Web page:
3. RESOURCE IDENTIFICATION: EYEING FUTURE MINING OPERATIONS

Lauretta told Mental Floss that when OSIRIS-REx was first conceived, resource identification was "cool science fiction." The idea of going to asteroids and mining them for material was the sort of thing people in some Jetsons-like future would be able to do, but not us. Today, however, companies are lining up for the chance to begin celestial mining operations. OSIRIS-REx will pioneer the technologies and capabilities necessary to provide detailed global analysis of an asteroid's surface. They will be able to focus on composition and mineralogy with an eye toward identifying regions of interest. It will be, in other words, creating the sorts of prospecting maps once seen in the Old West—only this time for an off-world ore-rush.

4. SECURITY: STUDYING BENNU'S TRAJECTORY TO AVOID POTENTIAL ASTEROID COLLISIONS

Earth's orbit around the Sun is startlingly perilous. Bennu is only one of several near-Earth objects that have a small-but-not-impossible chance of colliding with this planet in the 22nd century. (The odds are 1 in 2700, which is about the same as your odds of dying by exposure to smoke or fire. That's a pretty terrifying figure when you consider the destruction and damage that such an asteroid impact might cause, and that people die in house fires all the time.)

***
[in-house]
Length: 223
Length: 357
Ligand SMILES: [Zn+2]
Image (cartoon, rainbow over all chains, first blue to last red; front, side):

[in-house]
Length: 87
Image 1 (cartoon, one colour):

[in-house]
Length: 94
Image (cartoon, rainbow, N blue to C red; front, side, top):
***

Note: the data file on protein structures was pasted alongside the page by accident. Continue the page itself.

Scientists will use the data returned from OSIRIS-REx to study something called the Yarkovsky Effect. As asteroids go about their orbit, they absorb energy from the Sun and emit that energy as heat. That emission essentially acts as a small, natural asteroid thruster, and changes an asteroid's trajectory over time. In a 12-year period, the Yarkovsky Effect changed Bennu's position by more than 115 miles. If researchers can better understand the causes and effects of the phenomenon, they can apply that knowledge not only to Bennu but also to thousands of objects throughout the solar system. If some object is headed our way, we can know about it sooner—and perhaps find a way to stop it.

5. REGOLITH EXPLORER: UNDERSTANDING HOW SURFACE PARTICLES BEHAVE IN MICROGRAVITY

Regolith is the blanket of dust and gravel on the surface of many celestial bodies. Scientists don't quite understand random mechanics in a microgravity environment. Even if Bennu's sample collection arm is unsuccessful—it can make three attempts—Lauretta said the effort alone pushes the boundaries of research: "By the act of putting our device on the surface of the asteroid to collect the sample, in and of itself we are performing a fantastic science experiment."

Editor's note: This story originally ran in 2016 and was updated in August 2018.

A Super Pink Moon—the Biggest Supermoon of 2020—Is Coming In April

April's super pink moon will be extra big and bright (but still white).
April's super pink moon will be extra big and bright (but still white).
jakkapan21/iStock via Getty Images

The sky has already given us several spectacular reasons to look up this year. In addition to a few beautiful full moons, we’ve also gotten opportunities to see the moon share a “kiss” with Venus and even make Mars briefly disappear.